It was found by the researchers that the consonances produced by the bonang align neatly with the specific musical scale used in Indonesian culture, its country of origin. These consonances cannot be replicated on a Western piano due to the limitations of the traditionally used scale. Notably, it is suggested by the study that the unique consonances produced by the bonang's tones were instinctively appreciated by participants, who were not trained musicians and unfamiliar with Javanese music.

For instance, when a two-note chord is played where one note has precisely half or double the frequency of the other, individuals in the Western world perceive this as an octave. The notes are perceived as harmonious with each other, without any dissonance, resulting in a pleasant sound, reports IFL Science.

Dr. Harrison emphasized that music creation involves exploring the creative potential within a given set of parameters, such as discovering melodies on a flute or experimenting with vocal sounds. He elaborated that the findings suggest that employing diverse instruments can unlock a rich harmonic palette that listeners intuitively appreciate.

This contrasts with much of the experimental music in Western classical music over the past century, which has often been challenging for listeners due to its highly abstract structures. Insights from psychology, like theirs, can inspire the creation of new music that resonates with listeners on an instinctive level. The study indicates an entirely new harmonic language that people naturally grasp without the need for formal study can be unveiled by using different instruments.

Harrison explained that a significant amount of pop music currently attempts to blend Western harmony with local melodies from regions like the Middle East, India, and other parts of the world. He suggested that musicians and producers could potentially improve this fusion by considering their findings and contemplating changes in the "timbre," or tone quality, using carefully selected real or synthesized instruments. He believed that such an approach could enable them to achieve a balance between harmony and local scale systems.

Harrison and his collaborators are actively exploring various instruments and planning follow-up studies to examine a broader spectrum of cultures in the future. Specifically, they aim to gather insights from musicians who utilize "inharmonic" instruments to ascertain whether they possess different harmony concepts compared to the Western participants in the study.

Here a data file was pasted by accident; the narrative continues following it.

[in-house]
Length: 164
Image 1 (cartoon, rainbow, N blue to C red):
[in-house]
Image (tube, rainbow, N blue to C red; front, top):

Top image: Greek Philosopher Pythagoras with overlay of woodcut showing Pythagoras with bells, a kind of glass harmonica, a monochord and (organ?) pipes in Pythagorean tuning. From Theorica musicae by Franchino Gaffurio, 1492 (1480?)   Source: Khuram Ibn Sabir/Adobe Stock, overlay Bibliothèque nationale de France/Public Domain

By Sahir Pandey

References

Marjieh, R.,  et al. 2024.  Timbral effects on consonance disentangle psychoacoustic mechanisms and suggest perceptual origins for musical scales. Nature Communications, 15. https://doi.org/10.1038/s41467-024-45812-z.

Simmons, L. 2024.  Pythagoras’ Ideas About “Perfect” Musical Harmony Are Not Quite Right After All. Available at: https://www.iflscience.com/pythagoras-ideas-about-perfect-musical-harmony-are-not-quite-right-after-all-73132.

Stokel-Walker, C. 2024.  Pythagoras was wrong about the maths behind pleasant music. Available at: https://www.newscientist.com/article/2419442-pythagoras-was-wrong-about-the-maths-behind-pleasant-music/.

 
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Sahir

I am a graduate of History from the University of Delhi, and a graduate of Law, from Jindal University, Sonepat. During my study of history, I developed a great interest in post-colonial studies, with a focus on Latin America. I... Read More